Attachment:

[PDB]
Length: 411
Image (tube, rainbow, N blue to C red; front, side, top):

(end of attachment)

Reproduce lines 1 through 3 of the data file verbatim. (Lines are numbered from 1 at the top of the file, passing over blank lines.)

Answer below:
[PDB]
Length: 411
Image (tube, rainbow, N blue to C red; front, side, top):